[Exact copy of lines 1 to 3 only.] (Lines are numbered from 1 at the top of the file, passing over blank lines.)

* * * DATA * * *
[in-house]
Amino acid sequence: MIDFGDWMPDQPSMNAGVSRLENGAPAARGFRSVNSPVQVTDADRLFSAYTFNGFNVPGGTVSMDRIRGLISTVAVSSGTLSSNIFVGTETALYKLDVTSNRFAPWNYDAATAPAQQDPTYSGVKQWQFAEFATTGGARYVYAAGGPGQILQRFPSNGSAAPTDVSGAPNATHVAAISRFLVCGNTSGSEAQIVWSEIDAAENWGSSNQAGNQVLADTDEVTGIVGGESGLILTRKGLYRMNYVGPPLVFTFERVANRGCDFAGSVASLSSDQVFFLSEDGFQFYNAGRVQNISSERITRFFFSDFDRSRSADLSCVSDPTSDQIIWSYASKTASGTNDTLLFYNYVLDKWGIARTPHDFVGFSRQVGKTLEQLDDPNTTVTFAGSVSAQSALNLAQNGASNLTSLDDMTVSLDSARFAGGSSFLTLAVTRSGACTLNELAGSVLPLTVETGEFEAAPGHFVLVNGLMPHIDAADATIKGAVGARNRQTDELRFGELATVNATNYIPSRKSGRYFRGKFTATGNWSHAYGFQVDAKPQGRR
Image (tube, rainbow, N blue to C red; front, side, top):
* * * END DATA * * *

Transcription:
[in-house]
Amino acid sequence: MIDFGDWMPDQPSMNAGVSRLENGAPAARGFRSVNSPVQVTDADRLFSAYTFNGFNVPGGTVSMDRIRGLISTVAVSSGTLSSNIFVGTETALYKLDVTSNRFAPWNYDAATAPAQQDPTYSGVKQWQFAEFATTGGARYVYAAGGPGQILQRFPSNGSAAPTDVSGAPNATHVAAISRFLVCGNTSGSEAQIVWSEIDAAENWGSSNQAGNQVLADTDEVTGIVGGESGLILTRKGLYRMNYVGPPLVFTFERVANRGCDFAGSVASLSSDQVFFLSEDGFQFYNAGRVQNISSERITRFFFSDFDRSRSADLSCVSDPTSDQIIWSYASKTASGTNDTLLFYNYVLDKWGIARTPHDFVGFSRQVGKTLEQLDDPNTTVTFAGSVSAQSALNLAQNGASNLTSLDDMTVSLDSARFAGGSSFLTLAVTRSGACTLNELAGSVLPLTVETGEFEAAPGHFVLVNGLMPHIDAADATIKGAVGARNRQTDELRFGELATVNATNYIPSRKSGRYFRGKFTATGNWSHAYGFQVDAKPQGRR
Image (tube, rainbow, N blue to C red; front, side, top):